The civil society is pushing leaders to embrace economic policies that check the soaring poverty levels and discrimination.
The civil society is pushing leaders to embrace economic policies that check the soaring poverty levels and discrimination. Under the Action 2015 Kenya, the consortium of non-governmental organisations believe poverty, inequality and poor policies around climate change adversely affect millions of people around the world.
The groups have joined counterparts in the world in pressuring policy makers to revise the trend and improve the quality of life for millions of the vulnerable communities.
“Action 2015 partners and other stakeholders call on citizens to mount pressure on leaders and own local initiatives that can combat poverty, inequalities and issues of climate change,” a statement released by lead publicist BWL Agency, said.
In Kenya, Action 2015 Kenya campaign is organised by National Council of NGOs, Global Campaign Against Poverty (GCAP-Kenya), Agency Cooperation for Research and Development (Acord), Save the Children Kenya, VSO Jitolee, Help Age International, Young Women Leadership Institute, Organisation of Africa Youth and SEED Institute.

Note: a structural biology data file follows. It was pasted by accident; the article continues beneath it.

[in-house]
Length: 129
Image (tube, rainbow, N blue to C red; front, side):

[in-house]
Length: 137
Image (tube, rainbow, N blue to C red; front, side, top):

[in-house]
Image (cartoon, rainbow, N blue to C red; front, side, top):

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They want the progressive laws embedded in integrated development plans to be treated as fundamental human rights and given the necessary action. They also call for accelerated transition to 100 percent renewable energy so that a safer climate and sustainable economy for the benefit of the people and planet.
According to research, almost a billion more people face extreme poverty if leaders duck key decisions on poverty, inequality and climate change due to be taken at two crucial summits in New York and Paris later this year, with billions more continuing to face a life of hardship.
“However, if leaders fail to deliver and build on the growing momentum for ambitious deals at the UN special summit on sustainable development in September and the UN climate talks in Paris in December and scale back their efforts, the number of people living in extreme poverty could actually increase to 1.2 billion by 2030,” said BWL.
The civil society groups say that the number of people living in extreme poverty – living on less than $1.25 a day - could be reduced dramatically from one billion to 360 million by 2030 if sound policies are adopted.
Based on research by the University of Denver in the US, it has been estimated that about 4 percent of the global population would live in extreme poverty by 2030 compared to the current 17 percent if world leaders embrace good practices.
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